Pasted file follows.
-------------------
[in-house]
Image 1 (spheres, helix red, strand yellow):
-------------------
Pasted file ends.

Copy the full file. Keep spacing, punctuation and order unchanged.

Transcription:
[in-house]
Image 1 (spheres, helix red, strand yellow):